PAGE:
The Numerous Methods Of Costing Accounting Essay

Published: Last Edited:

This essay has been submitted by a student. This is not an example of the work written by our professional essay writers.

Most organisations and firms provide a service or manufacture products that result in multiple costs due to either the production or provision of a service or good. There are numerous methods of costing however in this assignment I will be looking at two types of costing methods which are widely used by different organisations. I will be comparing both of the methods and noting their key differences and I will also be looking at the advantages and disadvantages of each method. During the comparison of both methods of costing I will look at the effectiveness of both in terms of real world scenarios such as Decisions making within an organisation, to try and identify where one may be more useful than the other.

When an organisation is providing a service or mainly manufacturing products there are multiple costs which are incurred, these costs can be ranging from things like electricity bills to the wages of workers which are all parts of the production process. The costs can usually be differentiated and put into groups such as fixed and variable costs. Weetman (2010, p.36) states that "A fixed cost is one which is not affected by changes in the level of activity, over a defined period of time." An example of this could like renting a factory for a year which costs £10,000 so regardless of how much production takes place over that period of a year the rent will not change. Weetman (2010, p.35) also states that "A variable cost is one which varies directly with changes in the level of activity, over a defined period of time." So an example of a variable cost would be if say this week I am producing 1000 units of a certain product, and last week I only produced 800 units of it, this would vary my cost of materials for this week as I would have had to buy in more materials to create the extra units.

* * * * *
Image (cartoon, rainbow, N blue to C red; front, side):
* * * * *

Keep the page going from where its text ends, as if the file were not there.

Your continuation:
Absorption costing is a method which does not look at the costs separately and treats them as one whole cost which is then "absorbed" so to say into the cost per unit. So it accumulates all of the costs such as variable, fixed and variable overheads and then combines them before the price per unit of the product is determined. This is the main method which organisations use when it comes to external financial reporting, as it tends to give a much more in depth view of all the costs which were incurred, also because it follows all of the standards required for external reporting which makes it easier to understand. Organisations must also use this method for external reporting so that they do not under value their closing stock at the end of a period using other methods such as marginal costing. This is what the FRC (Financial Reporting Council) had to say about stock valuation

"In order to match costs and revenue, 'costs' of stocks should comprise that expenditure which has been incurred in the normal course of business in bringing the product or service to its present location and condition. Such costs will include all related production overheads, even though these may accrue on a time basis."

This means that methods such as marginal costing cannot be used in order to value stock for external reporting, as marginal costing does not take into account the fixed overheads.

Marginal costing works largely by using the same information that absorption costing makes use of, however the difference is that this costing method uses the same information but looks at it from a different perspective, which in turn gives a slightly different outcome when it comes to pricing products etc. Marginal costing ignores any fixed costs and simply looks at the costs which are directly related to the units being produced, so such costs as material, direct labour costs and also any other variable costs. This method considers fixed manufacturing overheads to be period costs rather than product costs, so any contribution at the end of the period will need to have the fixed costs deducted from it in order to get the profit. By ignoring all fixed costs it makes things much simpler and easier to understand, however this can sometimes cause problems like misinformed decision making. The marginal costing method is used much more internally by managers etc. and it usually helps in order to make much better short term decisions.